Wednesday 31 July 2013

Euston Tapping and Evil Keg Paradise

I've been on holiday.  You may have noticed the lack of posts here.  Or maybe you were grateful for my lack of snide remarks about Crafties and Beards. Anyway, when I wasn't being shouted at in Wales, making bizarrely incoherent whisky-laden speeches, or throwing up in my £125-per-night hotel room toilet, I was trundling around London visiting some local beer places.

The first place I went to was the Euston Tap, helpfully just round the corner from the aforementioned hotel room.  Just to prove I was not desperate for refreshment I waited a whole ten minutes after opening time before going in.  I bought a pint of the Finest Cask and, if any reminder were needed, it told me I was not in the North any more.
I sipped my headless pint slowly, as my other hotel in Islington wasn't due to be checked into until 2pm.  I sat there and watched the intermittent rain and Swedish tourists while listening to the 60s girl group music playing over the speakers. Sadly, the barstaff were about 20 and had to ask me who the "mad producer who shot someone" was.  Given the playlist, I said Phil Spector.  They seemed satisfied, probably as they didn't know the Dixie Cups tracks playing were modern re-recordings.

After finding the Northern Line closed, I walked to my hotel, dumped the suitcase and headed off to BrewDog Camden.  This took me half an hour.  Still, it wasn't raining by now.   I found it easily enough.  It's not like you could miss the place.

I looked at the price list and was pleasantly surprised.  I had heard all kinds of horrible things about beer prices in London and the cost of BrewDog, and was expecting Punk IPA to be £6 a pint.   I went up to the compulsorily-bearded barman and ordered a half to settle my nerves.  I sat at an industrial themed table (concrete and girders) and looked around.  "It's not often," I thought "that I'm the oldest person in a pub."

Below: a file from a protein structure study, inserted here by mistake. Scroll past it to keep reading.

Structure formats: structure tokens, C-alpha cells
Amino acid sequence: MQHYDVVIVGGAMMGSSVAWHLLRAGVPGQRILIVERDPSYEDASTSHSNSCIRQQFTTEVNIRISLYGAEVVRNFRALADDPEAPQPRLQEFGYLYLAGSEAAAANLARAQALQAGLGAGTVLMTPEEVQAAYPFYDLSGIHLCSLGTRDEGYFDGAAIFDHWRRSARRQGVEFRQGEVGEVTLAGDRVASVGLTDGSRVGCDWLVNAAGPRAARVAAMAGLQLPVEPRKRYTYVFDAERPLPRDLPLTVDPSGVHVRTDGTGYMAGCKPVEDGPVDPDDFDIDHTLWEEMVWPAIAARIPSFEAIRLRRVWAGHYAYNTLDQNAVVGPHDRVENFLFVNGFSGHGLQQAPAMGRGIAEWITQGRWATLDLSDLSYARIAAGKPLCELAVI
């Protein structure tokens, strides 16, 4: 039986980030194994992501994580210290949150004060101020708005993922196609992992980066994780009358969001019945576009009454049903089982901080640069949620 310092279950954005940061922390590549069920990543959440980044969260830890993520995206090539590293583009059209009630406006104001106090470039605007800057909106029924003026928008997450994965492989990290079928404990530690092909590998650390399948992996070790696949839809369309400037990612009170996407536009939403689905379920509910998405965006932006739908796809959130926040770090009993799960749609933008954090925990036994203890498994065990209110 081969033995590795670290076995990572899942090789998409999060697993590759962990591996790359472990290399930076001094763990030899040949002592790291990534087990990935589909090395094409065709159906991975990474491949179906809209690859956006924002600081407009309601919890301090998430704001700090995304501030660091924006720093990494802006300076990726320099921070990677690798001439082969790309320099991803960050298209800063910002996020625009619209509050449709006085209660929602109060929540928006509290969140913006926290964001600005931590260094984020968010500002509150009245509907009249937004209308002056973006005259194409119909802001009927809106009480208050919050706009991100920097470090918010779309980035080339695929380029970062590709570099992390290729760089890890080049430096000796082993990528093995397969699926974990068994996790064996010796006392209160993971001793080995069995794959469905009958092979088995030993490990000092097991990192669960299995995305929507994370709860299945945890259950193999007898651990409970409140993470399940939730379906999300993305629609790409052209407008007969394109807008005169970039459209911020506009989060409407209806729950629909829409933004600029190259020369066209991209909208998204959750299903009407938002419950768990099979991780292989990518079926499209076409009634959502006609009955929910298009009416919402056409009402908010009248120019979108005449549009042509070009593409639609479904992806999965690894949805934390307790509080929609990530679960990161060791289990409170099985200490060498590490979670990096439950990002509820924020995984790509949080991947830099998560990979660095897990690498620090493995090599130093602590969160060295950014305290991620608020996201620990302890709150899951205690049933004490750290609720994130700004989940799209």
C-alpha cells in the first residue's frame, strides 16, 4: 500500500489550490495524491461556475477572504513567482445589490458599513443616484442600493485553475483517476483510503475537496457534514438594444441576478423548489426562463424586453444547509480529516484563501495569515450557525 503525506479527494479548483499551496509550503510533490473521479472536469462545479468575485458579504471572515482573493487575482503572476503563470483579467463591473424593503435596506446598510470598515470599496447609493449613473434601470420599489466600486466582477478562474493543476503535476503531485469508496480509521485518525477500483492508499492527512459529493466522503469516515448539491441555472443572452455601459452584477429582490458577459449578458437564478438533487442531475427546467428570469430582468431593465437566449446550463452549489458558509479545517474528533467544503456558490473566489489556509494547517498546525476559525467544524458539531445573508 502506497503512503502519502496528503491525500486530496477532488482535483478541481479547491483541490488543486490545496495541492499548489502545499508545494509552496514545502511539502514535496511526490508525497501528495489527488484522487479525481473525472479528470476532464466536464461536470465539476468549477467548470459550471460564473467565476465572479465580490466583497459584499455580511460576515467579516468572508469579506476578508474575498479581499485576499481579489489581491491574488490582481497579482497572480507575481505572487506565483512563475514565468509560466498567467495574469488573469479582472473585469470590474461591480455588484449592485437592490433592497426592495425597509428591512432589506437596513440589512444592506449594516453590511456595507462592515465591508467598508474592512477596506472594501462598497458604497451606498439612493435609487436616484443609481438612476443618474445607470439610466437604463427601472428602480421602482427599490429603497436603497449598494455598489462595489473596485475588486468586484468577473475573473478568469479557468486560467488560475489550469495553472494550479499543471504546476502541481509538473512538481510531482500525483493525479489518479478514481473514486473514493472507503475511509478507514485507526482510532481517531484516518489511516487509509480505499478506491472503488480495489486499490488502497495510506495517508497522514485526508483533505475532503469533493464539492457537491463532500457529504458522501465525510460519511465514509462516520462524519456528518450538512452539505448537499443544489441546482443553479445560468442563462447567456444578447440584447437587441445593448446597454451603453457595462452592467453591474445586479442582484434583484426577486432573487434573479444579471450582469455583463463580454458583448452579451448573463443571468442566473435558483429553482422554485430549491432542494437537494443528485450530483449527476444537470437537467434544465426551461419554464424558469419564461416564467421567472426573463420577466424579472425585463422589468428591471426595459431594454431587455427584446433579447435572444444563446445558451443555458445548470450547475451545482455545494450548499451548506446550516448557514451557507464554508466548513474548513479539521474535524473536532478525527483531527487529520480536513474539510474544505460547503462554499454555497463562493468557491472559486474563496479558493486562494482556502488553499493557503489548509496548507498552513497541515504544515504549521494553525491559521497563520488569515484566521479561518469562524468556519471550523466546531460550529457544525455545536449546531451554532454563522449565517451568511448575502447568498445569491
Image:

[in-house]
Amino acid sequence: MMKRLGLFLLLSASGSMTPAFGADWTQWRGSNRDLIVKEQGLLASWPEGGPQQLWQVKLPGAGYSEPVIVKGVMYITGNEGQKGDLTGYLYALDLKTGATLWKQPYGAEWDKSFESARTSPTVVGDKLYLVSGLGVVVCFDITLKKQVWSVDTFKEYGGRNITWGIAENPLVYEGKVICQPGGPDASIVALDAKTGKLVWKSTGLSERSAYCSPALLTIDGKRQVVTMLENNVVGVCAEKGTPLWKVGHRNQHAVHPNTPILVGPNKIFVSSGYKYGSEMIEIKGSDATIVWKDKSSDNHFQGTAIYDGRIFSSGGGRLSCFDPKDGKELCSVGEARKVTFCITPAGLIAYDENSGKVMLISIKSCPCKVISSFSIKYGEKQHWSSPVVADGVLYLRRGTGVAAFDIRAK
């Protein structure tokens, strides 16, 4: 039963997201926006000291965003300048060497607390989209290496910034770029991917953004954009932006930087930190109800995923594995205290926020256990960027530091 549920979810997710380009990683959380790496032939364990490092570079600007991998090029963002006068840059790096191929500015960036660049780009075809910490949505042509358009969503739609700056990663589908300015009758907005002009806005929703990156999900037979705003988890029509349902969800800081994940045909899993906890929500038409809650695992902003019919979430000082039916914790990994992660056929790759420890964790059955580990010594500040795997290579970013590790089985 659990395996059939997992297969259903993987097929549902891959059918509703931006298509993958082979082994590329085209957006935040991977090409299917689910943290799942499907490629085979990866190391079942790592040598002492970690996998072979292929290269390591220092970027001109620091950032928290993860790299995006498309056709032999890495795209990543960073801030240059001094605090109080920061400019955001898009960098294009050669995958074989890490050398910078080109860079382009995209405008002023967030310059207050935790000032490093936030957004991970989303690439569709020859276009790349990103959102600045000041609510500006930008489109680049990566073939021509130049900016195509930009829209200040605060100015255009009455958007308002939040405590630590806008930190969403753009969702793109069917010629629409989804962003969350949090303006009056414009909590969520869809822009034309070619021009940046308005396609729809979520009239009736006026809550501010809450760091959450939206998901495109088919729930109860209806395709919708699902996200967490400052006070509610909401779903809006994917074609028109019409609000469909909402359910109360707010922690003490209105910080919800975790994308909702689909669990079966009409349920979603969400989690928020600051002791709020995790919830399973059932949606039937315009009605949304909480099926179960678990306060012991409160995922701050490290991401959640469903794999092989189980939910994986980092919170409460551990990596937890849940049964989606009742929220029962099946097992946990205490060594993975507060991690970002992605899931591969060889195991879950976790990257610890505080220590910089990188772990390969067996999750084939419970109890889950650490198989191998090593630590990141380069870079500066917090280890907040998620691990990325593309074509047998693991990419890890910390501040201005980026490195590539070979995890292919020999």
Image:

Glancing through their characteristically restrained and subtle literature, I began to get the place's ethos.  Basically, if the Scientologists were to run a brewery and craft beer bar chain, this is what it would be like.  The proselytising about the one true way of craft.  The stinging denunciations of other brewers, depicted as both evil and banal.  The proclamations that Messrs. Watt and Dickie will save us all with their selection of hop and malt based beverages.  I have to say the beer was good, though.

I wondered who would be more offended - CAMRA, for one of their members entering the Den of Evil Keg, or BrewDog themselves for being infiltrated by a late-thirtysomething Beard.  The staff weren't complaining though.  Especially when I spent £27 on bottles to take back home to the craft-free land of Thwaites Wainwright.

Still, there was plenty of fun to be had.  Mainly by taunting my local craft beer barman friends with pictures of BrewDog Camden's tube-based beer/hop infusion device.  "You wouldn't like this place." I texted as I sipped my half of 7.2% Jackhammer.
I would go again to BrewDog, despite my reservations.  Just maybe at a less crowded and noisy time.  And maybe fewer hipsters.  A vain hope, probably, in Camden.

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